Good Culture where ‘Self Organized Teams’ Thrive Contribute to Better Productivity

by Avienaash Shiralige

Why everyone talks about self organised teams and find it extremely difficult to build. Many people I talk to, work with find it insane when I say that we need to give autonomy to teams. Hence it is important to find leaders to the lead the organisation who are open to change and ready to give away their control. Also find right developers who can think and act more than just doing coding.

Here, I would like to discuss how good culture where ‘Self organized teams’ thrive can contribute to better productivity.

India is one of the most favored and favorable offshore/outsourced destination in the world – thanks to the mass scale of engineers it produces. But now the time has come for us to see how we can better productivity – without sacrificing quality (that goes without saying), which will contribute directly to our margins and net profit. The game has changed from just scaling and being cost- effective to how we can provide maximum business value with less effort.

It’s high time we gave preference to productivity and quality rather than just harp on quantity. There are numerous factors that contribute towards productivity.

Here, I would like to discuss how good culture where ‘Self organized teams’ thrive can contribute to better productivity.

Self-organising Teams

Steve Denning, in his research, found that “most of the high performing teams were not manager-led teams. They were teams whose management had deliberately stepped back, or were inattentive, thus enabling teams to self-organize”

Compared to them, the ‘self-governing’ teams did not demonstrate high-performance even on a single occasion. Their struggle for “what to do” always came in the way of their performance. Hence you need leaders on the team to set overall direction in technology, process, and business/product.

Most ‘Self-organized’ teams have the following characteristics

  • Ability to commit to the sprint goals together
  • They work aggressively to remove impediments to their progress
  • Collective focus on highest-priority stories
  • Choose to pair wherever required
  • Freedom to take risks and to say NO

All the above reasons help in generating lot of energy and passion for ‘self-organizing’ teams, which eventually leads to high productivity.

Now let’s look at the table, which is the result of Geert Hofstede’s years of research in this field. He has defined multiple parameters for us to understand the culture of different countries.

One of the parameters of research was PDI (Power Distance Index). It reflects the extent to which less powerful members of a culture accept that power is unequally distributed and they don’t resent the authority easily. This index varies across cultures with Denmark showing highest resentment while China the lowest. This stark variation across countries could be a very interesting and revealing study by itself.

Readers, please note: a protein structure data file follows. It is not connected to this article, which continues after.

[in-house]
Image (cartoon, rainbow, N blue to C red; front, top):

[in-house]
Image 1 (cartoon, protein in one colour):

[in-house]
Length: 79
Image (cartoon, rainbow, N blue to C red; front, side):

Country PDI
China 80
India 77
Brazil 69
US 40
Netherlands 38
UK 35
Finland 33
Norway 31
Denmark 18

A PDI score of 70+ for India clearly indicates that people are far less likely to resist the changes – whatsoever – suggested by authority. Not a progressive sign, eh? This applies to teams as well.  They are more susceptible to if we hire a command and control manager/leaders and team may NOT resist this openly.

*Building an organization which has self-organizing character, with absolutely no hierarchy is immensely tough – more so – as it’s a constant struggle against our own culture/mind set. *

Preserving this self-organizing culture while we scale is a battle and hence it is extremely important who we bring on-board from middle to senior management. He/she should be a person who is open to work as servant leaders.

A key practice for hyper productivity teams is to have servant leaders like product owners and agile coach who provide team leadership as well as work for and with the teams to actively remove impediments.

A common pitfall that self-organized team face is the perception that they do not need any management. While it is true that ‘management’ –in its mere traditional roles – allocating tasks, monitoring progress etc – is not required for self-organized teams, the need for GOOD LEADERSHIP is paramount. A person, who is progressive in thinking, shows agility, open for change, and accept newer ways of doing & who enjoys giving and taking freedom.

Good leadership on new agile teams includes

  • Guiding them on collaborating effectively with customers
  • Showing way
  • Mentoring them on agile principles and practices
  • Gradually passing on these roles and responsibilities to the team members

Leadership on new teams is usually taken up by Agile coaches (Scrum Masters, ex-Project Managers that have successfully acquired an agile mindset).

But, a common feeling among the managers is: ‘Who moved my cheese? I see this as an opportunity for them to explore new avenues in leadership, scaling different levels in project management then monotonous tasks allocation and reporting.

How effective are your teams self-organization?

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